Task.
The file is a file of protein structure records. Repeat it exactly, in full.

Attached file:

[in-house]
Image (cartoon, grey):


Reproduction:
[in-house]
Image (cartoon, grey):